Sunday, December 27, 2020

Why Is China Placing Huge (Global) Bets On Coal?

 Our headline is a rejiggering of a National Public Radio story from last year:

Why Is China Placing A Global Bet On Coal?

For something more detailed we have Boston University's Global Development Policy Center:

China's Global Energy Finance

Chinese policy banks provided $3.2 billion in financing to foreign governments in the energy sector in 2019, increasing the total amount of energy finance by China’s policy banks since 2000 to roughly $251.3 billion. The China Global Energy Finance database tracks and displays this overseas development finance in the energy sector provided by China’s two global policy banks—the China Development Bank and the Export-Import Bank of China....


Of that quarter-trillion dollars (is that a lot of money? it seems like a lot of money) $51.8 billion was spent on coal and/or coal-fired plants.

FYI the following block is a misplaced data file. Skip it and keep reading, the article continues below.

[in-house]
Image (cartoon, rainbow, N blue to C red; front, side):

For some reason I can't get HFC-23 out of my head. It's a refrigerant chemical that China used to rake in billions from the Kyoto treaty signatories (read German hausfraus).

HFC-23 is 12,000 times as potent a greenhouse gas as CO2.

They would build plants to make the stuff  (as a byproduct of HFC-22) and then offer to shut them down for Kyoto cash. Based on the estimated lifetime production of the plants. Best guess is they netted $6 billion after construction costs.

After a while (years) the carbon credit people caught on and then we saw China's reaction:

"China Threatens Massive Venting of Super Greenhouse Gases in Attempt to Extort Billions as UNFCCC Meeting Approaches"


Follow-up: Just How Much Coal Fired Power Is China Currently Planning/Building?"